What Happens During a Vitrectomy?
Vitrectomy is usually done in an outpatient surgery center. You will have a local or a general anesthesia to numb the eye. Surgery can take from 1 to several hours.
During surgery, the ophthalmologist will make a small cut (incision) in the white of the eye (sclera). He or she will use a microscope to see inside your eye. Your surgeon will use tiny tools to do one or more of these steps:
- remove all cloudy vitreous
- remove scar tissue from the retina
- remove any cataracts
- remove any object that should not be in the eye
- return the retina to its proper position against the back of the eye
- use a laser to repair a torn retina or other procedure
- place an air or gas bubble in your eye to help the retina remain in its proper position (bubble goes away on its own)
- place a silicone oil bubble in your eye (oil removed later during second surgery)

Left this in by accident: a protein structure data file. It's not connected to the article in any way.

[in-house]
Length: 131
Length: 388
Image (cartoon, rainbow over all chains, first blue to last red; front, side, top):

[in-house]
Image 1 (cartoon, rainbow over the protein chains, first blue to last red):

Following the surgery, you will be monitored as you rest and recover from anesthesia. Then you can go home.
What happens after vitrectomy surgery?
Your ophthalmologist will prescribe medicine to help relieve pain. You will also be given eye drops to use for up to 4 weeks.
Your doctor will have you wear a patch on your eye for a few days to protect it. He or she will tell you when you can safely get back to doing your normal activities.
If a gas bubble was placed in your eye
You will need to keep your head in a facedown (or side-facing) position for a specific period of time. Your ophthalmologist will tell you exactly how long to stay in that position. It is very important to follow these instructions to heal properly.
You cannot fly in an airplane until the gas bubble is gone. This is because a rapid altitude change can affect the size of the bubble.